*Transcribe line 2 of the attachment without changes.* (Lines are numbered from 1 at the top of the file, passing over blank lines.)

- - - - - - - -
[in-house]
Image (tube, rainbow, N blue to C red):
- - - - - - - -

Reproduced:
Image (tube, rainbow, N blue to C red):